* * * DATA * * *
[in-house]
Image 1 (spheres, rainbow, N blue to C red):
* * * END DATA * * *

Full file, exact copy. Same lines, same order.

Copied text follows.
[in-house]
Image 1 (spheres, rainbow, N blue to C red):